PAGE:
Over the last few years, I've accepted representation in an increasing number of residential construction defect cases, on behalf of both homeowners and contractors. In most cases however, it is the homeowner who comes to me with complaints about their general contractor's performance and workmanship. By the time a homeowner contacts me, they typically have already exhausted their direct remedies with the construction professional, whether it be claims under a warranty provided by the contractor and/or informal efforts to remedy perceived defects. Obviously, when they come to my office, most homeowners are at the point of wanting to sue their contractor to fix the defective construction.
A lot of these potential clients are surprised to learn they cannot go straight to the courthouse, but rather must first comply with the provisions of Idaho's Notice and Opportunity to Repair Act (NORA), Idaho Code § 6-2501, et seq. When I advise them of this hurdle, I routinely hear: “I don't want those @#$%^! back in my house!” I'm guessing I get this feedback because of the implications associated with an “opportunity to repair.” I understand that by the time they are in my office, the homeowner's relationship with the contractor has most likely deteriorated to the point that he or she does not want the contractor to step foot in their house again. Unfortunately, this does not mean you can skip the requirements of NORA. However, as counterintuitive as it may sound, you will see herein that complying with NORA before filing suit does not necessarily require a homeowner to give the contractor an “opportunity to repair” any defects. That is not to say there are no possible consequences of rejecting a reasonable offer, because rejecting a reasonable offer can affect the recoverable damages.
NORA generally provides that before an aggrieved homeowner can sue his or her contractor for claimed defects, the homeowner must provide written notice of the claimed defects to the construction professional and engage in a scripted negotiation process. Failure to do so can be fatal to your possible claims. NORA unequivocally states: “Any action commenced by a claimant prior to compliance with the requirements of this section shall be dismissed by the court without prejudice and may not be recommenced until the claimant has complied with the requirements of this section.” However, NORA only applies to residential construction and only when the subject construction project meets the definition of a “substantial remodel.”
“Residence” is defined as a “single-family house, duplex, triplex, quadraplex, condominium or unit in a multiunit residential structure in which title to each individual unit is transferred to the owner under a cooperative system.” “Substantial remodel” is defined as “a remodel of a residence, for which the total cost exceeds one-half (1/2) of the assessed value of the residence for property tax purposes at the time the contract for the remodel work was made.” Idaho Code § 6-2502(9). The question of whether the project was a substantial remodel, requiring NORA compliance, can be contentious. While the tax assessed value of the residence is definitive, the “total cost” of the remodel may be in dispute. For example, if the contractor's initial bid was for an amount less than 50% of the property's value, but material costs or later approved changes bring the cost of the project over 50%, does NORA apply? What if the contractor's bid is over 50% of the residence's value, but the contractor only completes a small portion of the remodel before abandoning the project or being fired by the homeowner—does NORA apply?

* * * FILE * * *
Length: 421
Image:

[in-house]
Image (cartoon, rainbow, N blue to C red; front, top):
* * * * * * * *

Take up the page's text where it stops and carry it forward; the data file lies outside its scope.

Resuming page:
You may simply say, “Why not just comply with NORA to be safe?” This is typically what I advise my clients, but sometimes by the time a client discovers this statute applies, it may be too late to comply. I've had new clients tell me they fired their contractor and hired a replacement contractor to tear out, repair and replace the defective work, and now they want to file suit against the first contractor for the associated costs. Under such circumstances, if NORA applies, it may be impossible to give such a contractor a chance to inspect or an “opportunity to repair.”
Assuming for purposes of this discussion NORA applies, what is required before you can file suit? As previously mentioned, NORA requires a written notice of the claimed defects be served on the construction professional. As for the level of detail, NORA provides: “The notice of claim shall state that the claimant asserts a construction defect claim against the construction professional and shall describe the claim in reasonable detail sufficient to determine the general nature of the defect.” It is not rocket science, but the notice requires more than “Your work is defective.” Service of the varied notices can be achieved by “personal service or delivery by certified mail to the last known address of the addressee.”
Once the construction professional receives adequate NORA notice, he or she has twenty-one (21) days to serve a written response on the homeowner. The contractor's written response contain one of three available responses: (1) propose to inspect the residence and to complete the inspection within a specified time frame, plus include a statement that the contractor shall thereafter offer to remedy the defect, settle the claims by an offered payment, or dispute the claim; (2) offer to compromise and settle the claim by monetary payment without inspection; or (3) state that the construction professional disputes the claim and will neither remedy the construction defect nor compromise and settle the claim.
If the contractor disputes the claim or simply fails to respond within twenty-one (21) days, the homeowner may commence his or her lawsuit without further notice. If the contractor requests an opportunity to inspect or offers a monetary settlement payment, the homeowner has thirty (30) days to either accept or reject the offer. If the homeowner rejects the inspection proposal or settlement offer, he or she is required to serve written notice of such rejection on the contractor, and the homeowner may then immediately pursue their legal claims in court. If the homeowner fails to accept or reject the contractor's offer within thirty (30) days, the construction professional may terminate the proposal or offer by serving written notice to the homeowner, which then allows the homeowner to begin litigation.